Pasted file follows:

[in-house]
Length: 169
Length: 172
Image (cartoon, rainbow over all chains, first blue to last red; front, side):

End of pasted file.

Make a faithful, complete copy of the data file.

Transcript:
[in-house]
Length: 169
Length: 172
Image (cartoon, rainbow over all chains, first blue to last red; front, side):